Chicago restaurants will soon have to provide paid sick leave under an ordinance unanimously approved by the Chicago City Council Wednesday.
The ordinance will be enforced starting next July, and applies to virtually all private sector employers except construction companies. Employees will earn one hour of paid sick leave for every 40 hours worked, with a cap of five days per year. Language in the ordinance notes that two-thirds of restaurant waitstaff and cooks have admitted to coming to work sick, and that 43% of the local workforce is not entitled to paid sick time.
Chicago employees can use the leave time to care for themselves or a family member. Restaurant workers will not be expected to find a replacement to fill their shifts during the leave, according to the ordiance.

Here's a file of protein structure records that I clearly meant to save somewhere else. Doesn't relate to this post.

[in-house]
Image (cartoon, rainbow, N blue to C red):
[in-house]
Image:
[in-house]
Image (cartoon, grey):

Although paid sick leave would increase employment costs by 0.7% to 1.5%, Alderman Ameya Pawar has predicted that the savings in turnover costs will offset the higher cost. However, some members of the business and retail community feel it’s just one more cost restaurant owners cannot afford.
“Employers are at a tipping point,” Tanya Triche, vice president and general counsel of the Illinois Retail Merchants Association, told DNAinfo Chicago. “We cannot provide the jobs, pay the wages and invest in local communities while City Hall layers on one cost mandate after another.”
Chicago is the 25th city to approve paid sick leave legislation, according to the Chicago Sun-Times.